I sometimes joke that I'm the world's most obscure superhero: SILENT FILM ACCOMPANIMENT GUY, ready to respond at a moment's notice to aid any silent film in need of live music.
(Still waiting for the call from Marvel Comics...)
But something like that actually happened last week when I was contacted by the Harvard Museums at Harvard University, where they're in the midst of an ambitious look at the Bauhaus school of design that flourished in Weimar-era Germany.
The program includes a series of film screenings, and turns out a program of short experimental movies scheduled for Thursday, April 18 turned out to be all silent!
Oh no! What to do?
So the call came in to SILENT FILM ACCOMPANIMENT GUY, who immediately agreed to rush to the rescue and create soundtracks for all the various clips.
And as incentive, I was told "...our resident piano is an ebony Bechstein model C, serial number 177972, from 1985 and approximately 7’4” in length."
Wow! A chance to work with an instrument of that caliber is not to be missed. (And it'll be a reminder that I have to get my own piano tuned once again after a long winter of pounding.)
If you're interested in attending, the program is free! It's Thursday, April 18 at 6 p.m. at the Harvard Museums, 32 Quincy St., Cambridge, Mass. Here's a link to more details.
Just as other superheros must occasionally engage in mind-boggling feats of strength, this particular show prompted SILENT FILM ACCOMPANIMENT GUY to do some heavy lifting, schedule-wise.
To accommodate Harvard, it was necessary to shift a scheduled screening of Metropolis from that night to another date.
And so Metropolis, originally set for Thursday, April 18 at the Flying Monkey Moviehouse and Performance Center in Plymouth, N.H., is now running one week later, on Thursday, April 25.
(And how appropriate is this "superhero" theme? Superman's city = Metropolis!)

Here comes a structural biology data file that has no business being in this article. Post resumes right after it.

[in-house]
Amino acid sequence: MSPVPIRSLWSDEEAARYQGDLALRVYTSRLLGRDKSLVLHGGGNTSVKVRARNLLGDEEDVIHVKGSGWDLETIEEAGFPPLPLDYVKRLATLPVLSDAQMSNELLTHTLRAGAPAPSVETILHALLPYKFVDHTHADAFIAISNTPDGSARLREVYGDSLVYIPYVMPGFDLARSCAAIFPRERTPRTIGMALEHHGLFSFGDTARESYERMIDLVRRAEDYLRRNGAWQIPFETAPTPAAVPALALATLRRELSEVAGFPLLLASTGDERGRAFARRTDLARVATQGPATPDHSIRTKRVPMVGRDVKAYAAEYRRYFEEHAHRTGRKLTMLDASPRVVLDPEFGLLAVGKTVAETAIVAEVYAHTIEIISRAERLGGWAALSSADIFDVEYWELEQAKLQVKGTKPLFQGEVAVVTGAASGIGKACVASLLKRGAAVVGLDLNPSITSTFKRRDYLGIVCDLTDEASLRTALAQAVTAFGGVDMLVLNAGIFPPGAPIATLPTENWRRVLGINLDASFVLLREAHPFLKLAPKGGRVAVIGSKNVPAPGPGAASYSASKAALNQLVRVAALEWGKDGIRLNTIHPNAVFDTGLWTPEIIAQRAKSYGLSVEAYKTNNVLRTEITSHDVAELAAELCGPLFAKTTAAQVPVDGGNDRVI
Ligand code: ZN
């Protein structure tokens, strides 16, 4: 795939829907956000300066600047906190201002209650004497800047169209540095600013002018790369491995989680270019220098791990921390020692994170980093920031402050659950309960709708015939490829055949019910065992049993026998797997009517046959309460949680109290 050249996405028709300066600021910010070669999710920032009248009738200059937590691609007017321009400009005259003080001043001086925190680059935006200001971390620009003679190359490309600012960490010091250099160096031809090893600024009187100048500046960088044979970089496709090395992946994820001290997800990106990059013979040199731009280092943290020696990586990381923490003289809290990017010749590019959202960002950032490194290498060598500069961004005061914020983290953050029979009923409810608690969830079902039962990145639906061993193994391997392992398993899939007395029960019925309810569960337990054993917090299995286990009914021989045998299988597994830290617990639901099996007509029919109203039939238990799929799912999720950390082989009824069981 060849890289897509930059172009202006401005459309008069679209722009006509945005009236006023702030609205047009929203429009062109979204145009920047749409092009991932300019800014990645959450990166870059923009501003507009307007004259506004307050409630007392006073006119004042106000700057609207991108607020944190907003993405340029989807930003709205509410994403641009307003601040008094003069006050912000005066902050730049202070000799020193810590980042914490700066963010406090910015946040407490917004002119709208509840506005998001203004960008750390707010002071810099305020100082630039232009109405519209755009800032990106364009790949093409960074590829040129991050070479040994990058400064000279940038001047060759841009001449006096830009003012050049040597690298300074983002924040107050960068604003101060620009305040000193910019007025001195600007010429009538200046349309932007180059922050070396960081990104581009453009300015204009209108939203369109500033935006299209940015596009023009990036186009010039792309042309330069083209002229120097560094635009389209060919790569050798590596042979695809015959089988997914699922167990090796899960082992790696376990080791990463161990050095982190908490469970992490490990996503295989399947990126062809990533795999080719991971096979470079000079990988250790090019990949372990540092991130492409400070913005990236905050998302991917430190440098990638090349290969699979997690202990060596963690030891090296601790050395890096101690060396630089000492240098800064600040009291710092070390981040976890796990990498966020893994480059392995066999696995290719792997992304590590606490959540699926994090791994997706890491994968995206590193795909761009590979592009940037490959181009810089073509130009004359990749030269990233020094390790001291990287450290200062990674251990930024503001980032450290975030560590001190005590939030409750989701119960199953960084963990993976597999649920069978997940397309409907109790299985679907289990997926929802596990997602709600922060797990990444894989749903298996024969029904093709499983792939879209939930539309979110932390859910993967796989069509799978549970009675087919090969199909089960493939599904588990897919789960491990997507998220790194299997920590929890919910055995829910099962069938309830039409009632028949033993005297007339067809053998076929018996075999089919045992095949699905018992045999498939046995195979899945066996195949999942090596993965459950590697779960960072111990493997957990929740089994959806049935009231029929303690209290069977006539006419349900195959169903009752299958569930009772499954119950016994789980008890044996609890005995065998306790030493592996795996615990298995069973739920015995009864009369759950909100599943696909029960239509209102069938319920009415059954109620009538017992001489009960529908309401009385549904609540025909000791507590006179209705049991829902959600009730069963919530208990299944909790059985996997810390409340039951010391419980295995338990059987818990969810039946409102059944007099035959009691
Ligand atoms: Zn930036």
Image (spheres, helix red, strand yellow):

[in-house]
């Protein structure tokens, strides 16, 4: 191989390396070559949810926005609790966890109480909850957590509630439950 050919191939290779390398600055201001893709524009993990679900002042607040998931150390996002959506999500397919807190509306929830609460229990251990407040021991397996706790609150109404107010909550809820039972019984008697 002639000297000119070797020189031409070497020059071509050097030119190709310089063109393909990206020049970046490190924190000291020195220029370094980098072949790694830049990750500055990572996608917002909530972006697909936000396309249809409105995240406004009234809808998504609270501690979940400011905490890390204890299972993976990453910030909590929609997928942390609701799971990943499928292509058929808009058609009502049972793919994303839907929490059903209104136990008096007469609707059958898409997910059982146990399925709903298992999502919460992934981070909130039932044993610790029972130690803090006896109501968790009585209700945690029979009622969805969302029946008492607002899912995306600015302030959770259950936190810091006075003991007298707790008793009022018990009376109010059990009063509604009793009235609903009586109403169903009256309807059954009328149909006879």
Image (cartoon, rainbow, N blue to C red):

Showtime is 6:30 p.m. for Fritz Lang's epic futuristic quasi-theological cinematic fantasy. I've developed some strong material for this incredible film. It's 2½ hours long and a real workout, but I love scoring it.
Here's the press release with a lot more info. See you there!
TUESDAY, APRIL 9, 2019 / FOR IMMEDIATE RELEASE
For more info, contact: Jeff Rapsis • (603) 236-9237 • firstname.lastname@example.org
Restored classic film 'Metropolis' to screen at Flying Monkey on Thursday, April 25
Landmark early sci-fi fantasy epic, with half-hour of rediscovered footage, to be shown with live music
PLYMOUTH, N.H.—A silent film hailed as the grandfather of all science fiction fantasy movies will be screened with live music this month at the Flying Monkey Moviehouse and Performance Center.
'Metropolis' (1927), an epic adventure set in a futuristic world, will be shown on Thursday, April 25 at 6:30 p.m. at the Flying Monkey, 39 Main St., Plymouth, N.H. General admission is $10.
Original music for 'Metropolis' will be performed live by Jeff Rapsis, a New Hampshire-based composer and silent film accompanist who performs at venues around the nation.
(The screening was originally scheduled for Thursday, April 18, but has been moved to Thursday, April 25 due to a scheduling conflict.)
'Metropolis' (1927), regarded as German director Fritz Lang's masterpiece, is set in a society where a privileged elite pursue lives of leisure while the masses toil on vast machines and live in poverty.
The film, with its visions of futuristic factories and underground cities, set new standards for visual design and inspired generations of dystopian fantasies from Ridley Scott's 'Blade Runner' to Terry Gilliam's 'Brazil.'
In reviving 'Metropolis' and other great films of cinema's early years, the Flying Monkey aims to show silent movies as they were meant to be seen—in high quality prints, on a large screen, with live music, and with an audience.
"All those elements are important parts of the silent film experience," said Rapsis, who will improvise an original live score for 'Metropolis' on the spot. "Recreate those conditions, and the classics of early cinema leap back to life."